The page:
Even as there is a pullback in technology companies with staff layoffs and freezing of new hires, companies will increasingly focus on improving developer productivity and efficiency to get tasks done with smaller workforces – this represents a great opportunity for dev tool startups such as BrowserStack and Postman to continue gaining worldwide traction. The rapid proliferation and maturing of the dev tools spaces has created a number of subsidiary opportunities around code management, content delivery, containerization, logging, testing etc  that can be targeted by focused nimble startups. Given the secular growth of digitization, solutions around cloud infrastructure development and those that offer security and privacy are evergreen “gold fields” that will require investment and attention irrespective of booms and busts cycles. 

A number of Indian SaaS startups operate in these domains and are well poised to continue their march toward global success over the next few years. Today, 55-60% of global IT and operations workflows are delivered from India, which hosts 5 million developers, the world’s largest pool. This  deep talent pool and our rich legacy of IT services bestows us with a strong foundation to target untapped potential in new segments. 

The second set of opportunities are around building SaaS solutions specifically for the SMB market. While there is no doubt that the enterprise tech market is a mature and large vector for SaaS companies to disrupt, the SMB market represents an often-overlooked opportunity that Indian SaaS startups can uniquely target with positive unit economics. SaaS adoption by small businesses exploded during the pandemic and will continue to rise for the foreseeable future. In large markets like the US, more than 99% of businesses fall in the SMB bucket – while there are challenges around reaching and retaining these SMB customers, SMB SaaS has the potential to offer far better operating metrics to companies that are flexible and adept.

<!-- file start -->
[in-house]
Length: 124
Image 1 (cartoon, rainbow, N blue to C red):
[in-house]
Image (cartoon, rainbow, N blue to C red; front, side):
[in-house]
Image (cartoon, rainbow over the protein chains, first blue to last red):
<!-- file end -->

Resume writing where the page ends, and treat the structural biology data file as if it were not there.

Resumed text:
Finally, there is a large set of opportunities around the mainstreaming of AI-powered solutions that can finally deliver long-promised benefits around automation and creativity. Specifically, the hype around “generative AI” is well-deserved.  Generative AI companies around AI-based text and image generation are unleashing new business models and transforming old businesses. Foundational AI platforms such as OpenAI and Stable Diffusion offer a powerful palette of ready-made components that SaaS startups can leverage to offer leap-frog business solutions. While there are already a plethora of Indian SaaS startups offering generative AI solutions around text, audio and video, the current set of vendors are only the tip of the iceberg. The next generation of generative AI startups are likely to be able to offer syncretic broad solutions that can lead to the emergence of global success mission-critical stories that can mirror that of a Google or a Microsoft. Just as the advent of the cloud and the introduction of the mobile phone lead to the emergence of trillion-dollar companies, generative AI might represent a generational platform shift that will fundamentally change the way the world thinks, creates and works. Indian SaaS companies are well positioned to capture, accelerate and scale this opportunity. 

Despite fears around a downturn, the confluence of a robust business model, availability of talent and capital and a plethora of market spaces gives Indian SaaS companies a unique opportunity to build multi-generational global B2B businesses and collectively take the nation towards the vision of becoming the SaaS operating system of the world.


“It was the best of times, it was the worst of times, 

it was the age of foolishness, it was the age of wisdom, 

it was the epoch of incredulity, it was the epoch of belief, 

it was the season of darkness, it was the season of light, 

it was the winter of despair, it was the spring of hope”

― Adapted from Charles Dickens, A Tale of Two Cities